Why You Should Write Tests

Last week I started writing tests for my framework. I’ve got to be honest, I rarely write tests for my code. This was the first time I really wrote tests, but I recommend it.

It’s Easy

I was always under the impression that writing tests for code was complex. After writing some tests for PHPUnit, I was wrong. The class extends PHPUnit_Framework_TestCase and you’ve got a bunch of assertions methods. For example take a look at this code I’ve pulled right from my tests.

<?php

    require 'test.bootstrap.php';

    use TFD\Auth;

    class AuthTest extends PHPUnit_Framework_TestCase {

        /**
         * Test Auth::login method.
         */

        public function testLogin() {
            $fingerprint = Auth::login('username', 'secret');
            $this->assertInternalType('string', $fingerprint);

            return $fingerprint;
        }

        /**
         * Test Auth::valid method.
         *
         * @depends testLogin
         */

        public function testValid($fingerprint) {
            $this->assertTrue(Auth::valid($fingerprint, 'username', 'secret'));
        }

    }

That took me less then ten minutes to write.

There’s No Guessing

When you write tests, you are making sure that something is working how it’s suppose to. There’s no guessing if it’s going to work. You write a test, if it passes, the code works, if it fails, there’s something wrong. When you change something you can verify that it still works by running the tests again.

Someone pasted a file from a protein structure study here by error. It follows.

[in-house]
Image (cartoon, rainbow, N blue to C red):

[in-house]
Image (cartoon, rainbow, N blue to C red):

It Automates Testing

Normally when I write code, I make sure it does what it’s supposed to do and then forget about it. For example with Tea-Fueled Does, I would create a route or add something to a view to make sure something’s working and then delete it. I would never test it again. With tests you can rerun those tests, and with PHPUnit, you can run all your tests in a single command.

It Creates Quality Code

How many times have you released something with bugs in it? I’ve done a couple commits where I find out later, I have a bug in it. Writing tests helps you prevent that.

Test-Driven Development is also a great development process. You write a test for a new function/method or an improvement and fix the code until it passes. This creates concise code.

Getting Started

PHPUnit’s docs are a great place to start. NetTuts’s also has an article on it SimpleTest, another PHP test suite.